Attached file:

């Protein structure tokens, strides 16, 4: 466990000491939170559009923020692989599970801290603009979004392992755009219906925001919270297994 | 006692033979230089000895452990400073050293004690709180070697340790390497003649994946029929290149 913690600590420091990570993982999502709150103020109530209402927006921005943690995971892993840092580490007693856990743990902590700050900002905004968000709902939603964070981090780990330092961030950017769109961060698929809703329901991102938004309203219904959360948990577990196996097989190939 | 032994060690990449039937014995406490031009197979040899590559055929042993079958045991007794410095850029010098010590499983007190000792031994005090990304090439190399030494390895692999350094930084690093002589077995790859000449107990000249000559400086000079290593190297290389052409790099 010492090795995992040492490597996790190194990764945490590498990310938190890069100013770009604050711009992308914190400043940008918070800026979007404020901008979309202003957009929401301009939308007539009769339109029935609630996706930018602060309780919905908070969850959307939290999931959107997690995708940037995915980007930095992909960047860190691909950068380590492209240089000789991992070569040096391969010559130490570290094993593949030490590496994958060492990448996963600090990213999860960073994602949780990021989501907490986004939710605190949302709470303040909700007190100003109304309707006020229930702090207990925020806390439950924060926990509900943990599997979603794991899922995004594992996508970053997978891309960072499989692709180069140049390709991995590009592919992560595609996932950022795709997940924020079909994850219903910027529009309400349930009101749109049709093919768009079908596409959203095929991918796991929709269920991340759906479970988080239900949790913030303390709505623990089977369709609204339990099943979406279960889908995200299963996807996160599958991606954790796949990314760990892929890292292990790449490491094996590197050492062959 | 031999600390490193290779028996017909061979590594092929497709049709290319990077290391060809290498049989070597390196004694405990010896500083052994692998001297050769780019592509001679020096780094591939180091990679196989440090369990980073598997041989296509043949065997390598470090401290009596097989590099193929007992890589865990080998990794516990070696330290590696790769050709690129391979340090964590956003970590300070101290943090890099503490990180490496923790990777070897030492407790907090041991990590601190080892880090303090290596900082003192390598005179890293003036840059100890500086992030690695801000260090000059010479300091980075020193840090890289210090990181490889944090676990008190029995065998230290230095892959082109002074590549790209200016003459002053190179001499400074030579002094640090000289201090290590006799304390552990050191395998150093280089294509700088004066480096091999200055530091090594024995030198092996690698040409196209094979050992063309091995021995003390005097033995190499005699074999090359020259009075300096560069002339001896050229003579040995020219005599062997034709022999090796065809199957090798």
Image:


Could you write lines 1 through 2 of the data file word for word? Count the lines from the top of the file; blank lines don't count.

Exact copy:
């Protein structure tokens, strides 16, 4: 466990000491939170559009923020692989599970801290603009979004392992755009219906925001919270297994 | 006692033979230089000895452990400073050293004690709180070697340790390497003649994946029929290149 913690600590420091990570993982999502709150103020109530209402927006921005943690995971892993840092580490007693856990743990902590700050900002905004968000709902939603964070981090780990330092961030950017769109961060698929809703329901991102938004309203219904959360948990577990196996097989190939 | 032994060690990449039937014995406490031009197979040899590559055929042993079958045991007794410095850029010098010590499983007190000792031994005090990304090439190399030494390895692999350094930084690093002589077995790859000449107990000249000559400086000079290593190297290389052409790099 010492090795995992040492490597996790190194990764945490590498990310938190890069100013770009604050711009992308914190400043940008918070800026979007404020901008979309202003957009929401301009939308007539009769339109029935609630996706930018602060309780919905908070969850959307939290999931959107997690995708940037995915980007930095992909960047860190691909950068380590492209240089000789991992070569040096391969010559130490570290094993593949030490590496994958060492990448996963600090990213999860960073994602949780990021989501907490986004939710605190949302709470303040909700007190100003109304309707006020229930702090207990925020806390439950924060926990509900943990599997979603794991899922995004594992996508970053997978891309960072499989692709180069140049390709991995590009592919992560595609996932950022795709997940924020079909994850219903910027529009309400349930009101749109049709093919768009079908596409959203095929991918796991929709269920991340759906479970988080239900949790913030303390709505623990089977369709609204339990099943979406279960889908995200299963996807996160599958991606954790796949990314760990892929890292292990790449490491094996590197050492062959 | 031999600390490193290779028996017909061979590594092929497709049709290319990077290391060809290498049989070597390196004694405990010896500083052994692998001297050769780019592509001679020096780094591939180091990679196989440090369990980073598997041989296509043949065997390598470090401290009596097989590099193929007992890589865990080998990794516990070696330290590696790769050709690129391979340090964590956003970590300070101290943090890099503490990180490496923790990777070897030492407790907090041991990590601190080892880090303090290596900082003192390598005179890293003036840059100890500086992030690695801000260090000059010479300091980075020193840090890289210090990181490889944090676990008190029995065998230290230095892959082109002074590549790209200016003459002053190179001499400074030579002094640090000289201090290590006799304390552990050191395998150093280089294509700088004066480096091999200055530091090594024995030198092996690698040409196209094979050992063309091995021995003390005097033995190499005699074999090359020259009075300096560069002339001896050229003579040995020219005599062997034709022999090796065809199957090798």
Image: